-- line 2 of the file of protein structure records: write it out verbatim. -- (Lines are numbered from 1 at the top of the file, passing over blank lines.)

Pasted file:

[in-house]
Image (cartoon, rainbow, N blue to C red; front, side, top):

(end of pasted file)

Image (cartoon, rainbow, N blue to C red; front, side, top):